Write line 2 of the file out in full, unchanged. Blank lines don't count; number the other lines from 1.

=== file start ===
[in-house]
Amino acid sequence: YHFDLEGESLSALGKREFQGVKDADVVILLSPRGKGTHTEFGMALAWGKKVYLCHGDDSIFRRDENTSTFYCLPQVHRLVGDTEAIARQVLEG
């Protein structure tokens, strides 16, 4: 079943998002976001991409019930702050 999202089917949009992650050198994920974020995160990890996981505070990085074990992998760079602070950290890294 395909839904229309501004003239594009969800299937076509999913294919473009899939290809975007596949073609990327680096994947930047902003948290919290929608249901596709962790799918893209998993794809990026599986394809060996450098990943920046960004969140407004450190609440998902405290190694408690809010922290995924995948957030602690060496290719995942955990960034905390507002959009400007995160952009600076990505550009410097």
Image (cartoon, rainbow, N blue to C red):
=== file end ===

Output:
Amino acid sequence: YHFDLEGESLSALGKREFQGVKDADVVILLSPRGKGTHTEFGMALAWGKKVYLCHGDDSIFRRDENTSTFYCLPQVHRLVGDTEAIARQVLEG